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Astringent Taste Foods & Herbs List: An Ayurveda PerspectiveCLASSIFICATION OF FOOD, HERBS, & LIFESTYLE

The Six Tastes: Astringent
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Reported by John Immel, Asheville, NC
Balance My Excess Astringent $15.95 Browse RecipesAstringent Stats

Balance My Excess Astringent

Get the 45 minute presentation 'Balance My Excess Astringent' given by Joyful Belly founder and director John Immel. This presentation will show you Ayurvedic essentials on fixing this imbalance, including diet, lifestyle, and herbal tips from Ayurveda. Price: $15.95



Vata aggravating Pitta pacifying Kapha pacifying

Elements: Air, Earth
Balanced by 'Salty', 'Sour', 'Sweet'.
Astringency is characterized by constriction, drawing together, or drying.

You feel the power of astringent taste when you bite into astringent foods like a green banana or cranberries, or when you sip strong black or green tea.

Astringent foods make the mouth feel rough or dry. That dry, puckering sensation you feel tells you astringent taste is at work.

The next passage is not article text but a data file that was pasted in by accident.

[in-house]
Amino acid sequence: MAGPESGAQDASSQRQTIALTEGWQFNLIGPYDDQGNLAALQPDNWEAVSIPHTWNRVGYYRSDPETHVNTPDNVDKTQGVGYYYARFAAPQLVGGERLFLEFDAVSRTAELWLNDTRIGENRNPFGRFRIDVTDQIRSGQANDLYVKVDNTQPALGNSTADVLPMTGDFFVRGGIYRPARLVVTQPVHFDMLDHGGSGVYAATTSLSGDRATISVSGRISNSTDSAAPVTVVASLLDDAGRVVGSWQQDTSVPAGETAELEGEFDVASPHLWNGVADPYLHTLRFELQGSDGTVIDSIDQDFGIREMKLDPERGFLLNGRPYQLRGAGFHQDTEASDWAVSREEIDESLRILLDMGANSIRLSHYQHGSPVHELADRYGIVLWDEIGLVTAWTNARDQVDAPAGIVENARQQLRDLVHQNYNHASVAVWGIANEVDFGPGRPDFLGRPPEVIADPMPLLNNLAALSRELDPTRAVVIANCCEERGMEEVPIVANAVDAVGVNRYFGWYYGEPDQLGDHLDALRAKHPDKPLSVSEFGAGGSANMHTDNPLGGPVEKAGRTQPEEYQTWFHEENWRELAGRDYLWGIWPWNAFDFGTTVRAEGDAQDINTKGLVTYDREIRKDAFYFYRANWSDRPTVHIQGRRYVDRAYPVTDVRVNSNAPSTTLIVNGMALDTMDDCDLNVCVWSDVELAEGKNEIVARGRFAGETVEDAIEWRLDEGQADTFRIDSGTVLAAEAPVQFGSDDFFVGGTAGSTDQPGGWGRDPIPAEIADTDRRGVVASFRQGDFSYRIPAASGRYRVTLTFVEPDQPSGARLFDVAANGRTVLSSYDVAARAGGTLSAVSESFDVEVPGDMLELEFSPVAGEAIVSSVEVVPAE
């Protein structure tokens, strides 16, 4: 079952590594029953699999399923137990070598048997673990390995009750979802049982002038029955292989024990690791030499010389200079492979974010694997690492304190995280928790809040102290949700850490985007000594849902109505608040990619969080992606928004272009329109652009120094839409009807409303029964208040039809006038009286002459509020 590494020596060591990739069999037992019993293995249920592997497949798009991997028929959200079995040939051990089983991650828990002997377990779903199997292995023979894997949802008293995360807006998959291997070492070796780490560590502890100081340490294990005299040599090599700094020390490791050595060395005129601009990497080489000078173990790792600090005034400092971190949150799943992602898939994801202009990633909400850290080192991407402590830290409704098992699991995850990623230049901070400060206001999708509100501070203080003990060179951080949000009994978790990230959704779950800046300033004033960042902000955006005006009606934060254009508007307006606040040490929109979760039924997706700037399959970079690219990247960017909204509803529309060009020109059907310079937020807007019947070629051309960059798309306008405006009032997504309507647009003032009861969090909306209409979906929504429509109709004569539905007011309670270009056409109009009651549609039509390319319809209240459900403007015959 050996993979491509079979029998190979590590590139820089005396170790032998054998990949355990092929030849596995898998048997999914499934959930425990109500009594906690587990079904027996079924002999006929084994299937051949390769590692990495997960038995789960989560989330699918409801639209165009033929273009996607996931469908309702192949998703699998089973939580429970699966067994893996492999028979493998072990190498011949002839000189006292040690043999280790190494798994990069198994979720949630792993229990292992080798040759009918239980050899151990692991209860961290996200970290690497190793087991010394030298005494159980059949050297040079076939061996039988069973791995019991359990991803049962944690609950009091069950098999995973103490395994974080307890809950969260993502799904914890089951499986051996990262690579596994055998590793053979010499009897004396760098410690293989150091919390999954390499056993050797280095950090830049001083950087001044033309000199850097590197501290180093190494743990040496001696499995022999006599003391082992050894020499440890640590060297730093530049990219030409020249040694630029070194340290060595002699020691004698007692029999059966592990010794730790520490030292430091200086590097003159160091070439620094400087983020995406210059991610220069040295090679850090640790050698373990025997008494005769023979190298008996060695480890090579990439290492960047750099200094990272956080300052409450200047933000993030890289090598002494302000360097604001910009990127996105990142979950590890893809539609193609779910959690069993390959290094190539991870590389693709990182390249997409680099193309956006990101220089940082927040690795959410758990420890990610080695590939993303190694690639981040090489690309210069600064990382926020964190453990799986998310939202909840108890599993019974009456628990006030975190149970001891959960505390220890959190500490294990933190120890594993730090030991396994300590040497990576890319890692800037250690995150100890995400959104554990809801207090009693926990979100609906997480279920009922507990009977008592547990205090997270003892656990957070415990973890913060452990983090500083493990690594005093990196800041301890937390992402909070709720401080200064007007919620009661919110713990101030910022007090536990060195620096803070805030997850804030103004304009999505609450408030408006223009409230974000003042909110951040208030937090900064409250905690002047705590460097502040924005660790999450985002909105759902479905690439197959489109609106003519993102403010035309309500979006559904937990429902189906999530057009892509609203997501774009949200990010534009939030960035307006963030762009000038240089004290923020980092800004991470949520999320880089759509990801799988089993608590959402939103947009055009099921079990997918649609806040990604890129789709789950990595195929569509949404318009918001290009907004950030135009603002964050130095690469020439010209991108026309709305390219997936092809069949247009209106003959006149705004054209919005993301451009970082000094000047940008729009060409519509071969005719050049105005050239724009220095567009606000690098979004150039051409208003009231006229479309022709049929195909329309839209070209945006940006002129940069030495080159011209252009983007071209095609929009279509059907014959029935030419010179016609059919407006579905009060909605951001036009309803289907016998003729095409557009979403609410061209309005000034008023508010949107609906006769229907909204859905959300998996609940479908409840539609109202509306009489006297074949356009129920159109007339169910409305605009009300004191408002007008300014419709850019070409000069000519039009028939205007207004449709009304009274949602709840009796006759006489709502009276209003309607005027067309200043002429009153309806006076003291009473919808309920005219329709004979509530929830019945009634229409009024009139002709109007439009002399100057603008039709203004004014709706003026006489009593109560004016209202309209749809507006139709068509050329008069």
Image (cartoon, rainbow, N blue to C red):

Foods with astringent taste cause constriction, drawing together, and dryness.

Their constriction power tones your body's tissues and cleanses your mouth. It also reduces blood flow and can help stop bleeding.

The reduced blood flow also makes most astringents very cold and dry.

Astringent's dryness also comes from its ability to chemically break up mucus in the digestive tract or lungs. Astringent foods are hard to swallow because they dry the mucous membranes in your mouth.

Astringent's drying power is helpful if you suffer from fluid retention or diarrhea, but use with care if you have dry skin or chronic constipation.

The tightening, constricting, and mineral rich nature of astringents makes them earthy, solid and dense.

Foods with Salty, Sour, or Sweet tastes can help balance astringent's dryness.

Let's explore further.

Astringent Taste & Dosha

Astringent is one of six tastes recognized by Ayurveda, the other five being sweet, sour, salty, pungent and bitter.

Astringent's dryness promotes excess Vata.

In the colon, Vata's home, astringency soaks up fluid and binds the stools, which (in excess) can lead to constipation especially if your digestive tract is already dry.

On the other hand, the airiness in astringent foods reduces excess water and mucus in Kapha constitutions by both drying up secretions and breaking down excess mucus.

Astringent tastes' cool quality helps balance and pacify Pitta related heat and inflammation, like skin eruptions.

Astringent foods are also helpful for Pitta related inflammation in the gastro-intestinal tract like IBS or Crohn's Disease.